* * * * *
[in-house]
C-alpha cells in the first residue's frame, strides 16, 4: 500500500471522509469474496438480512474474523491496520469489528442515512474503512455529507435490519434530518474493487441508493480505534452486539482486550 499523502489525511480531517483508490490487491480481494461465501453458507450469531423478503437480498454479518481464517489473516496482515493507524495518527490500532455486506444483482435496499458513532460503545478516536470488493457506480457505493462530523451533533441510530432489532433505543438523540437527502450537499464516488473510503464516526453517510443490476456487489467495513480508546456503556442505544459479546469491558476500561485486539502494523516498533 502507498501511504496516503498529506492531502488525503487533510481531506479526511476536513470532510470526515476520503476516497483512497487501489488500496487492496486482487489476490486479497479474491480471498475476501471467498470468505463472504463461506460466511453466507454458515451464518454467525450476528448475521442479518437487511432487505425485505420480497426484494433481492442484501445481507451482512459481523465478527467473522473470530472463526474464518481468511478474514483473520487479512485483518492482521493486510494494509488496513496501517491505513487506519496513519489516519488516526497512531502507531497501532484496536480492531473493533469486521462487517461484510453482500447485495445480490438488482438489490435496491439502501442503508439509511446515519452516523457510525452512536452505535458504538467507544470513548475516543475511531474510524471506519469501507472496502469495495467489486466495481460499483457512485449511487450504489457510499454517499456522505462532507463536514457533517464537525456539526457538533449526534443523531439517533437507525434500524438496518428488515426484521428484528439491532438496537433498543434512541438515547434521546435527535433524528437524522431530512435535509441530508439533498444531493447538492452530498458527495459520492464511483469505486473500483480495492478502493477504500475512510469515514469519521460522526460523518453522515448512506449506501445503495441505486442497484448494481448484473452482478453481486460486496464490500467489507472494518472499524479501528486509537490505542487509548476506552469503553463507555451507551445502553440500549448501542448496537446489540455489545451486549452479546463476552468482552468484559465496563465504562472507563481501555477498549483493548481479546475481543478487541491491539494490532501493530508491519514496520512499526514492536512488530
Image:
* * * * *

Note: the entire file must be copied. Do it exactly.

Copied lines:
[in-house]
C-alpha cells in the first residue's frame, strides 16, 4: 500500500471522509469474496438480512474474523491496520469489528442515512474503512455529507435490519434530518474493487441508493480505534452486539482486550 499523502489525511480531517483508490490487491480481494461465501453458507450469531423478503437480498454479518481464517489473516496482515493507524495518527490500532455486506444483482435496499458513532460503545478516536470488493457506480457505493462530523451533533441510530432489532433505543438523540437527502450537499464516488473510503464516526453517510443490476456487489467495513480508546456503556442505544459479546469491558476500561485486539502494523516498533 502507498501511504496516503498529506492531502488525503487533510481531506479526511476536513470532510470526515476520503476516497483512497487501489488500496487492496486482487489476490486479497479474491480471498475476501471467498470468505463472504463461506460466511453466507454458515451464518454467525450476528448475521442479518437487511432487505425485505420480497426484494433481492442484501445481507451482512459481523465478527467473522473470530472463526474464518481468511478474514483473520487479512485483518492482521493486510494494509488496513496501517491505513487506519496513519489516519488516526497512531502507531497501532484496536480492531473493533469486521462487517461484510453482500447485495445480490438488482438489490435496491439502501442503508439509511446515519452516523457510525452512536452505535458504538467507544470513548475516543475511531474510524471506519469501507472496502469495495467489486466495481460499483457512485449511487450504489457510499454517499456522505462532507463536514457533517464537525456539526457538533449526534443523531439517533437507525434500524438496518428488515426484521428484528439491532438496537433498543434512541438515547434521546435527535433524528437524522431530512435535509441530508439533498444531493447538492452530498458527495459520492464511483469505486473500483480495492478502493477504500475512510469515514469519521460522526460523518453522515448512506449506501445503495441505486442497484448494481448484473452482478453481486460486496464490500467489507472494518472499524479501528486509537490505542487509548476506552469503553463507555451507551445502553440500549448501542448496537446489540455489545451486549452479546463476552468482552468484559465496563465504562472507563481501555477498549483493548481479546475481543478487541491491539494490532501493530508491519514496520512499526514492536512488530
Image: